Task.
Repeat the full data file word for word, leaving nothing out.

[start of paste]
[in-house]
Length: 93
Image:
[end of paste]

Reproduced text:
[in-house]
Length: 93
Image: